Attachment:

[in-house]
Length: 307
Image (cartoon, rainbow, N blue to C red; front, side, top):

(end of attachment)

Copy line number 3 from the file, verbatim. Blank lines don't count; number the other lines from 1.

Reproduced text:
Image (cartoon, rainbow, N blue to C red; front, side, top):